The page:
I'm a natural talent, says cyber-athlete
American Johnathan “Fatal1ty” Wendel (24) is an international electronic-sports champion—in other words, a cyber-athlete. He has travelled all over the world, and arrived in South Africa this week to attend the yearly rAge expo in Johannesburg, where visitors will have the opportunity to beat him in a shoot-out in the sinister game Painkiller.
He spoke to the Mail & Guardian Online about his greatest achievements and gaming as a sport. He even gave advice on how to beat him.
1. Tell me how your career started. Did you work to this or do you have the natural talent to become a cyber-athlete?
I have been pretty famous for the last six years, and it kind of started with Quake 3 in 2000. A lot of South African gamers know me because of that. I have been paid to play five different games and been world champion in all five of them: in Quake 3 Arena, Alien vs Predator 2, Unreal Tournament 2003, Doom 3 and, after that, Painkiller.
It is a lot of hand-eye coordination and reflexes. Obviously that is a big part, after the timing and dedication—being quick, being a quick thinker, making the right decisions in tough situations and [being] determined to be the best. You have to be able to get practice and go for what you believe in. So, I set goals for myself and I try to go for them. But I am a natural talent, yes.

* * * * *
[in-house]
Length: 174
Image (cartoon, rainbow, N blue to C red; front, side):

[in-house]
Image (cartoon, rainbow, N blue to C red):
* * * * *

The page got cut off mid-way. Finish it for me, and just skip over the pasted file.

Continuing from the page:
Why do you call yourself Fatal1ty?
Fatal1ty actually comes from the game Mortal Kombat. I was a huge Mortal Kombat player, I played Mortal Kombat 1 and 2 and 3 pretty seriously. When you kill someone, it says “Fatal1ty”.
2. Are you happy with what you have accomplished, or do you have an end goal of what you still want to win as a cyber-athlete?
My goal is obviously to keep on winning more championships with different games. I have won 10 major championships in my career so far—I mean a world championship on five different games, you know. I just want to keep improving that and keep trying my hardest.
I think after that it is mainly the brand I created, the Fatal1ty brand; I just want to make that a long-lasting brand, and keep giving back to gamers, sponsor other gamers and make quality products with my partners. That is my long-term goal, so when I am 40 or 50 or 60 years old, I will still have my Fatal1ty brand.
I am only 24 now, so I don’t see why I could not keep on playing. I really don’t know when my hand-eye coordination really starts weakening and the natural talent starts fading away or whatever, it all depends. But I have a lot of experience and knowledge, so I can play at the highest level always. I am probably the biggest threat for the main gamer, taking home the titles. I want to keep going forward. When I lose that burning sensation to win, that would be the day to quit.